Achieve today announced the launch of the Student Assessment Inventory for School Districts, a tool which will enable district leaders to take stock of how many assessments are administered throughout a school year and for what purposes they give assessments. Designed from a student perspective, the audit tool can be used by education leaders to make decisions about what amount of testing is appropriate and to be more transparent with parents about the testing in schools.
"We in Connecticut are proud to have helped pilot this tool, which will help our districts analyze and streamline the assessments that they're administering," said Stefan Pryor, Connecticut Commissioner of Education. "Given our transition to the new Common Core state standards, it's important that we enable schools to choose and use only those assessments that are aligned to these standards and are most useful to educators. Our dual goals are to decrease unnecessary testing and to increase instructional time."
Quality assessments are a critical component of improving college and career readiness in the United States. Educators rely upon consistent performance measures to monitor student progress and their own effectiveness. However, educators, parents, and students across the country have expressed concerns about the amount of time that testing is taking away from teaching and learning. School district officials have the opportunity to respond to these concerns about over-testing by leading a conversation among educators and the broader community that directly addresses the amount of testing and points the way toward a more coherent, educationally sound approach to assessment.
"This assessment inventory will guide district leaders through the review process to make certain that the tests they require are of value for teachers, students, and parents," said Michael Cohen, president of Achieve. "As many states transition to new Common Core-aligned tests designed to better measure content knowledge and critical thinking skills, it's a good time for districts to reassess their testing requirements as well. This tool will enable districts,; with their school leaders and teachers, to ensure that only high quality assessments that are valuable and necessary for student achievement are used. In many instances, this should result in fewer and better tests."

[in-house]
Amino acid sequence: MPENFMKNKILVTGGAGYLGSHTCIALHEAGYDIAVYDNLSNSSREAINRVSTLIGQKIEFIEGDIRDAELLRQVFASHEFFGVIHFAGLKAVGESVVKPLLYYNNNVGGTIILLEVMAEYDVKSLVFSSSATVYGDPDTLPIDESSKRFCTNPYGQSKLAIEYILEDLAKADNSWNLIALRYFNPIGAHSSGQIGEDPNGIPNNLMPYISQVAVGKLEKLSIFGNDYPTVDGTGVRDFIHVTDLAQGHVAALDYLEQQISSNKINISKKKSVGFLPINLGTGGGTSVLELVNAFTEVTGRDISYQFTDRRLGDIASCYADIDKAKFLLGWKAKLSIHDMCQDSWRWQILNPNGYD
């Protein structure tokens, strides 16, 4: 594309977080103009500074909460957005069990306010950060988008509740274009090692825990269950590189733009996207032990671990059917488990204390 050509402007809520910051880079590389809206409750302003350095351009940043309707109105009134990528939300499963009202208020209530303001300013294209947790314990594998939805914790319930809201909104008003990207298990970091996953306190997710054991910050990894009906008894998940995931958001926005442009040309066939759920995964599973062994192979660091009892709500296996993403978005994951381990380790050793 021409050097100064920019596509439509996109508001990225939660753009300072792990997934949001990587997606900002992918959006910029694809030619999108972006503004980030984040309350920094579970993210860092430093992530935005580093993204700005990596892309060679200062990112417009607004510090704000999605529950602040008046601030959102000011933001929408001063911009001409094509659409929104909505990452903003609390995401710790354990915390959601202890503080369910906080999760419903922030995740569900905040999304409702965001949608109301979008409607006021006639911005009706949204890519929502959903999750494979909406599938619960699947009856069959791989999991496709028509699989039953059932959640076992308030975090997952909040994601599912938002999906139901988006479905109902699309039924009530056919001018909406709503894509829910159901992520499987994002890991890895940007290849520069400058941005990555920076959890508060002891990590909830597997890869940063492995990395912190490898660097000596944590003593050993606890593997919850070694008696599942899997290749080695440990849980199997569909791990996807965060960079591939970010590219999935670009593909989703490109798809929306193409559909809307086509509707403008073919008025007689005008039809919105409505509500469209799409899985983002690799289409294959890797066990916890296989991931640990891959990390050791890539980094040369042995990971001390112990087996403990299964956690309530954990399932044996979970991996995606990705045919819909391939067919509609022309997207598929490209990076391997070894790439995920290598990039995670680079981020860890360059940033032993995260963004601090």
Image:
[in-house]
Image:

The Student Assessment Inventory for School Districts supports a process by which districts evaluate current assessments, determine the minimum testing necessary to serve essential diagnostic, instructional, and accountability purposes, and work to ensure that every district-mandated test is useful and of high quality. Assessment inventory and review allows districts to both streamline the amount of testing required and ensure that current assessments are supported by structures and routines that enable results to be used for improvement.
Usage of the Student Assessment Inventory for School Districts will also increase transparency between districts and the public regarding student assessment strategy and policies. "We encourage local leaders who use this tool to report the outcome of their project to parents and to the school board," Cohen said. "Which tests have been eliminated? How will the remaining tests be used, and why are they important?"
An initial draft tool was created earlier this year. That draft tool was shared with the Connecticut State Department of Education and leaders from eight Connecticut school districts that piloted use of the assessment inventory and provided substantial feedback.
The assessment inventory process is comprised of four stages: Reflect and Plan, Conduct the Inventory, Analyze the Inventory, and Make Recommendations. The tool contains an openly licensed Inventory Table that may be modified to suit the district's unique goals and context as well as guiding questions for planning, analysis, and recommendations.
The Student Assessment Inventory for School Districts is available on the Achieve website at: www.achieve.org/assessmentinventory.